4. Once all of the regions have fades, highlight all audio across all tracks in the session starting at the very beginning of the timeline (0:00:00) and ending just past the very last region in the song. For example the song may be 3:59 but the first sound doesn’t enter until 6 seconds in because there were 2 bars of count-off. It is very important that your highlight all tracks all the way from zero (0:00:00) even if there is no audio that starts at zero. This will ensure that all the tracks will remain in sync when you send them to me. Also make sure you have left enough space at the end for any sounds that are fading out. Sometimes you will not be able to visually see a waveform but will still hear faint sound like a guitar or piano fading out.
5. Now you must export each individual file into a new folder that is named as the title of your song on your hard drive. Almost every audio recording program will have an export function usually located in the File menu. In Pro Tools the easiest way is to highlight all the files in the edit window and press SHIFT+COMMAND (apple)+K. This will bring up the “export selected” dialog. It will give you the option to choose the file type, sample rate, bit depth, and location for the export. It will also let you create and name a new folder to export to. You must always select the same file type, sample rate, and bit depth that the session was recorded at. You do not want to accidentally down-sample or dither the files. Generally speaking audio is recorded as either .WAV files or .AIFF files. Either is fine. Do not send MP3’s! If you do not know the sample rate or bit depth, there is usually a window called “session setup” or something similar that will contain this information. In Pro Tools it is located in the Window menu as “session setup”. Once you have selected the appropriate export settings, hit OK and export the files. This will save all of the tracks in the song as individual files in your folder.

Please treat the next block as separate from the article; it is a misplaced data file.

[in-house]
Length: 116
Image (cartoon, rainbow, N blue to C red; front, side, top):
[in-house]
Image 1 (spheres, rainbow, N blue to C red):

6. If you have already saved your project in PRO TOOLS: In your sessions please label all track strips as clearly as possible. For instance, if there are lead and backing vocals you could label them Voc 1 etc., and BVoc1,2,3 etc. For instrumental parts just be as clear as possible. There is also a place for notes in Pro-Tools in the edit screen. Go to VIEW - EDIT WINDOW - COMMENTS; here you can make any notes for yourself and the mix engineer.
Before saving a copy of your session it is good to get rid of clutter. Go to the right of your edit window and click on the bottom corner of the screen. This will open the audio files menu so you can see everything you have done so far. When you are ready to save your project for mixing go to the region list at the top of the audio files. Choose SELECT - UNUSED AUDIO EXCEPT WHOLE FILES. All of the files that you are no longer using will be highlighted. Now, from the region list select CLEAR. A new dialog box will appear, click REMOVE. You have now removed 90% of the clutter in your session.
7. Don't use any encryption or password protection on the .ZIP file.
8. We have a special account within the GOOGLE DRIVE, but if you prefer to use another method, feel free, just let us know so we can find your project quickly.
We work with files between 24 to 32-bit and 44.1kHz to 96Khz.